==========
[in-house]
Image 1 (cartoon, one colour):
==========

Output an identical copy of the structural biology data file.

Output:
[in-house]
Image 1 (cartoon, one colour):